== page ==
Interview: Dell's Rollins lays out a road map, from services to AMD

CEO also sees a bright future for storage 

After eight years at the company, Kevin Rollins was appointed president and CEO of the $41.4 billion computer juggernaut Dell Computer last July. Many still think of Dell as a desktop supplier, but the company has become a powerhouse in server and notebooks as well and is making strong moves in the printer and storage markets.

Rollins sat down recently to speak with InfoWorld News Editor Tom Sullivan, Editor-at-Large Ed Scannell, and Senior Writer Bob Francis. During the conversation, Rollins covered a wide range of subjects, from Dell's rapidly growing professional services business to the addition of AMD processors to the company's lineup.

InfoWorld: Dell services business has been growing at a rapid pace. How aggressively do you want to match IBM's Global Services?

Rollins: We are not trying to match them at all. Our services business and strategies are really very different [from IBM's]. Consequently, we do not bump into them very much on the services front. We are usually selling enhanced services that surround the hardware, versus outsourcing or architecture design engagements.

When we are selling a large installation of servers or storage, we will add a menu of services items in order to facilitate the installation and the management of them. It becomes Dell-centric at that point.

InfoWorld: Well can you give us a road map of what your ambitions are for your services and support business for both larger and smaller companies? It can be an expensive proposition, given it is a human-intensive business.

Rollins: Our goal is to leverage what is already out in the field in terms of partners, but then hire in project management capability and a bit of technical capability. Just a little of that can go a long way in terms of leveraging field resources. It has been growing at about twice that of our hardware business and is now in the $4 to $5 billion range, so it is reasonably good-sized.

We are going to continue to do that, but it will grow in tandem with the hardware and at a multiple, because we are penetrating more and more accounts and are adding more and more menu items to the list whether they are professional services or managed services. They are very much tied to hardware; they are not independent. We rarely go after a services-only deal.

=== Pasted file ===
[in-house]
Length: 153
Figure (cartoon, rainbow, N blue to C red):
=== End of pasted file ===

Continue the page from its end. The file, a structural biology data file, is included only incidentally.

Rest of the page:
InfoWorld: In terms of pursuing opportunities among the larger end-user companies, are you willing to put Dell services and support people inside your customers' sites?

Rollins: We don't put a lot of people in there on-site, although we will put some there. Most of the services staff is for the larger corporations, not so much for small and medium businesses because they cannot afford an extensive services army.

But in the large corporations where most of our service and staff are, they are doing things like storage or server consolidation, or doing an Exchange migration, or migrating off of Unix to Linux or to Microsoft. We also work with them on that to help port applications to help in the rollout of that globally. We have Dell people involved in managing these processes and partners who help do the arm and leg work. In those cases we might have 10 or 15 Dell folks who are focused inside those companies to help do it. But we don't just start putting revenues generating people on-site.

InfoWorld: As the services business grows, do you have any plans to get into the grid-utility game or hosted hardware?

Rollins: No, generally not. We might get more into the utility area if we are helping them set something up. But we are not looking to outsource that. There may come a time when we will, but it is not even on the map for us now.

InfoWorld: Well what would it take? What would be the indicator to you that you should do that?

Rollins: Frankly [the utility model] is not that profitable. And so it would have to be a lot more profitable than it is today. History would suggest that as more people get into that, the profitability of that type of business will actually go down. There is a lot more profit made on the close-to-the hardware service offerings. In fact we believe that two-thirds of the profitability in the services industry comes from the close-to-the-hardware stuff, and only one third comes from the standalone or highly consultative service areas.

InfoWorld: What kind of opportunity is out there for you to pursue in terms of software integration?

Rollins: Well we are working on that now with Dell Professional Services. But again as it grows, that compared to the profit and revenues on the hardware is very small. So we will grow it as we need to in order to facilitate overall hardware installations, rather than just grow the professional service capabilities independently. We are never going to do that.